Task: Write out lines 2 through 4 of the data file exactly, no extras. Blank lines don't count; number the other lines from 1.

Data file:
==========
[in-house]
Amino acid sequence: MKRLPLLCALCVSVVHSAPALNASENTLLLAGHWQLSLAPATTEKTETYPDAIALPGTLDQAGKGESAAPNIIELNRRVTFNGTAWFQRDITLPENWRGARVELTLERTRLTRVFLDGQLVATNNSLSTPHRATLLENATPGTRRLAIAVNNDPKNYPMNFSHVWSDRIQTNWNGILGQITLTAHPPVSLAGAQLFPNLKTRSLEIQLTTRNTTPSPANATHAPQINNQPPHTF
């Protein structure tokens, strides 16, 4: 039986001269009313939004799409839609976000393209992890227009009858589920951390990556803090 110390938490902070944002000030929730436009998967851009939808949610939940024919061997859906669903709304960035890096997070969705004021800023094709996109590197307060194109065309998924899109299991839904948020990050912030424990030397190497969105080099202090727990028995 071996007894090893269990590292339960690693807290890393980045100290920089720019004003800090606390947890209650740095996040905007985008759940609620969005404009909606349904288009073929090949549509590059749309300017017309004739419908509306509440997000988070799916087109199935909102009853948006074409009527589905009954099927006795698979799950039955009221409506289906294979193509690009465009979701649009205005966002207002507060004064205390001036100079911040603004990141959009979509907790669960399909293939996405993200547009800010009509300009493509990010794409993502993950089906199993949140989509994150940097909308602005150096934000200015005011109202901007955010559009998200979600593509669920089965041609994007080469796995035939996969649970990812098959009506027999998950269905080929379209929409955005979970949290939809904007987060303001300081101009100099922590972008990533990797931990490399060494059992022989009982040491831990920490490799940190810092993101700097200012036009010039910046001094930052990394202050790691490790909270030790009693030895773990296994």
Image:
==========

Amino acid sequence: MKRLPLLCALCVSVVHSAPALNASENTLLLAGHWQLSLAPATTEKTETYPDAIALPGTLDQAGKGESAAPNIIELNRRVTFNGTAWFQRDITLPENWRGARVELTLERTRLTRVFLDGQLVATNNSLSTPHRATLLENATPGTRRLAIAVNNDPKNYPMNFSHVWSDRIQTNWNGILGQITLTAHPPVSLAGAQLFPNLKTRSLEIQLTTRNTTPSPANATHAPQINNQPPHTF
């Protein structure tokens, strides 16, 4: 039986001269009313939004799409839609976000393209992890227009009858589920951390990556803090 110390938490902070944002000030929730436009998967851009939808949610939940024919061997859906669903709304960035890096997070969705004021800023094709996109590197307060194109065309998924899109299991839904948020990050912030424990030397190497969105080099202090727990028995 071996007894090893269990590292339960690693807290890393980045100290920089720019004003800090606390947890209650740095996040905007985008759940609620969005404009909606349904288009073929090949549509590059749309300017017309004739419908509306509440997000988070799916087109199935909102009853948006074409009527589905009954099927006795698979799950039955009221409506289906294979193509690009465009979701649009205005966002207002507060004064205390001036100079911040603004990141959009979509907790669960399909293939996405993200547009800010009509300009493509990010794409993502993950089906199993949140989509994150940097909308602005150096934000200015005011109202901007955010559009998200979600593509669920089965041609994007080469796995035939996969649970990812098959009506027999998950269905080929379209929409955005979970949290939809904007987060303001300081101009100099922590972008990533990797931990490399060494059992022989009982040491831990920490490799940190810092993101700097200012036009010039910046001094930052990394202050790691490790909270030790009693030895773990296994």
Image: